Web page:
making in the design phase. In the railway industry, stochastic dynamical systems

are being considered in order to include their analysis as a part of the virtual

homologation procedure [1], by means of the framework for global parametric un-

certainty analysis proposed by the OpenTURNS consortium. This framework splits

the uncertainty analysis task in four steps:

(a) Deterministic modeling and identiﬁcation of Quantities of Interest (QoI) and

source of uncertainties

∗Corresponding author. Email: dabi@dtu.dk

ISSN: 0042-3114 print/ISSN 1744-5159 online

c

200x Taylor & Francis

DOI: 10.1080/0042311YYxxxxxxxx

http://www.informaworld.com

February 19, 2014 17:10 Vehicle System Dynamics manuscript

2

(a) Front view (b) Top view

Figure 1. The half-wagon equipped with the Cooperrider bogie.

(b) Quantiﬁcation of uncertainty sources by means of probability distributions

(c) Uncertainty propagation through the system

(d) Sensitivity analysis

Railway vehicle dynamics can include a wide range of uncertainty sources. Sus-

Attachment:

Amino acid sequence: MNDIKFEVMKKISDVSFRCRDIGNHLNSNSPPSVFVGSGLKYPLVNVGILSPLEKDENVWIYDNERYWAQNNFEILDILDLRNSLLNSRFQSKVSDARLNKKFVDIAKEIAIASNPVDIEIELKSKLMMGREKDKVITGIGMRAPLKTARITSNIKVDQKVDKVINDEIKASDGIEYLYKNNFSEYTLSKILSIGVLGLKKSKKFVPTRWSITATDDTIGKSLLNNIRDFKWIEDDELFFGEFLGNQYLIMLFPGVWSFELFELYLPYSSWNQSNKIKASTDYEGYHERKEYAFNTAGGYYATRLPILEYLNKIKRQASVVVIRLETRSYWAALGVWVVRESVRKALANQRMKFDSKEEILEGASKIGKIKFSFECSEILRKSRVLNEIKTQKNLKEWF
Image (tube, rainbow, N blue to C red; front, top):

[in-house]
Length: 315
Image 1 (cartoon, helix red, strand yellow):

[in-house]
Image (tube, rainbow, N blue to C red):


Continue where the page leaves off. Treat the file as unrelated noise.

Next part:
pension characteristics are only known within a certain tolerance when they exit

the manufacturing factory and are subject to wear over time that can be described

stochastically. Other quantities that are sub ject to uncertainties are the mass and

inertia of the bodies, e.g. we dont know exactly how the wagon will be loaded, the

wheel and track geometries, that are subject to wear over time, and also external

loadings like wind gusts.

In this work the QoI will be the critical speed of a ﬁxed half-wagon with respect

to uncertain suspension components – step (a). The deterministic and stochastic

models will be presented in section 2. Step (b) requires measurements of the input

uncertainty that are not available to the authors, so the probability distribution

of the suspension components will be assumed to be Gaussian, without losing the

generality of application of the methods used in (c) and (d). Techniques for Un-

certainty Quantiﬁcation (UQ) will be presented in section 3.1. They have already

been applied in [2] and [3] to perform an analysis of Uncertainty propagation –

step (c). They will turn useful also in section 3.2 and 3.3 for the sensitivity analy-

sis technique to be presented – step (d). This is based on Total Sensitivity Indices

(TSI) obtained from the ANOVA expansion of the function associated to the QoI

[4]. Section 4 will contain the results of such analysis.

2. The Vehicle Model

In this work we will consider a ﬁxed half wagon equipped with a Cooperrider

bogie [5], running on tangent track with wheel proﬁle S1002 and rail UIC60. The